Hipbone a theatre milestone

DAVID ZAMPATTI
Hipbone Sticking Out. Picture: Chris Gosfield

THEATRE

Hipbone Sticking Out

By Scott Rankin

5 stars

Big hART

Heath Ledger Theatre

REVIEW DAVID ZAMPATTI

A while back, reviewing The TEAM's thrilling Mission Drift at the Perth Festival, I said: "It has everything theatre should have, and does everything I believe theatre should do."

So here goes. To paraphrase the title of one of the songs adapted for Big hART's extraordinary Hipbone Sticking Out: Oops, I'm saying it again.

The similarity between these two prodigious shows runs deep; both take in an enormous sweep of history, both have a glorious theatrical abandon, and both confront you with a particular tragedy set in a wide, elemental context.

In Hipbone Sticking Out (the title is the English translation of Murujuga, the Ngayarda languages' name for the Burrup Peninsula) that tragedy is the lonely death, in September 1983, of 16-year-old John Pat (the lithe, affecting Nelson Coppin) in the Roebourne lockup after an altercation with police.

Pat's story, and its legal and political aftermath, is well known, although part of the importance of the play is helping ensure it is not forgotten. The play has other, greater, ambitions than that documentary function, although it doesn't flinch from it.

Hipbone Sticking Out attempts nothing less than the story of the collision of cultures over centuries - millennia - and it succeeds with dizzying brilliance. When John Pat's spirit (Trevor Jamieson, giving a career-defining performance) chides the Greek god Pluto (Lex Marinos, in the role he was born to play) with "we were racist 40,000 years before you were a race", the joke works on a mind-boggling number of levels, not all of them the least bit funny.

The play's provenance, the role Big hART is playing in the renaissance of an often troubled Pilbara town, the fact that many of its cast members are from the Roebourne community, including members of Pat's own family, makes this production more impressive, but doesn't compromise its quality as a theatrical experience one iota.

Nothing can prepare you for what you see and hear when you enter the theatre. On a massive scrim is Brueghel's Orpheus in the Underworld. Children scamper up to audience members while Marinos spruiks: "Get a selfie with a black kid! All of them descended from Albert Namatjira and Cathy Freeman!"

The cast and a vocal quartet, led by the musical director Nate Gilkes, sing an ancient Greek hymn to Pluto (later, we'll hear Bach's St Mathew's Passion, Gilbert and Sullivan, Smetana, sea shanties, African-American spirituals, show tunes and pop hits - yes, even Britney Spears - many translated into Aboriginal languages).

Pluto is there to welcome the dying John Pat into the Underworld (Pat is both Coppin and Jamieson, the real boy and the man he never had the chance to become). Their interplay drives a hallucinatory narrative that races across centuries, from the deep past to wealthy, mercantile Amsterdam, from grim, genocidal manhunts in 1868 to the uneasy concessions of claim and benefit between the economically powerful and the dispossessed today.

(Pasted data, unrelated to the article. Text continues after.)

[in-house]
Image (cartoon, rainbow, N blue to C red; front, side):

Whole stories are told in inspired instants; a well-meaning settler's wife (Sheridan Harbridge) sneezes as she hands over blankets to an Aboriginal family; the arriving Europeans' ships look like moths flitting over the water to those watching from the shore. Back in Amsterdam, the vanity of a pampered daughter (Shareena Clanton, who also plays Pat's mother Mavis in a versatile performance of the highest quality) sends Aboriginal pearl divers down to their deaths off the WA coast.

The "imported" cast are uniformly excellent, and those from the Roebourne community are a revelation. The sets, costumes, sound and visual effects are stunning, the technical production faultless.

Hipbone Sticking Out's writer and director Scott Rankin has my profound admiration. His imagination, and the cultural literacy he brings to the telling of this story, is extraordinary, and his ability to bring people with hugely different life experiences together for a common purpose is self-evident.

I can't begin to describe all the elements, from grand opera to pantomime, verbatim theatre to burlesque, he dovetails seamlessly here; I only hope you get the chance to discover them for yourself. I also admire Rankin's discipline to know that, after the giddy delights he gives us, we must finally pause to lament John Pat's death together, and we must hear what the people of Roebourne want to tell us.

Because it's important to heed John Pat when he tells us "this is your story, not ours". It's about who did the doing every bit as much, more, than it is about who it was done to.

That's a mighty message to take away from a mighty show that will become a milestone in Australian theatre.

Hipbone Sticking Out ends on Saturday.